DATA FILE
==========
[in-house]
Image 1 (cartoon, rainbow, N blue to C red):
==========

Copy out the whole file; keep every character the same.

[in-house]
Image 1 (cartoon, rainbow, N blue to C red):